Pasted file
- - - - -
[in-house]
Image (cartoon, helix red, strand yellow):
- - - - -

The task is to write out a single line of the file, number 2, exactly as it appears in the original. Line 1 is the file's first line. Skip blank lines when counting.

Image (cartoon, helix red, strand yellow):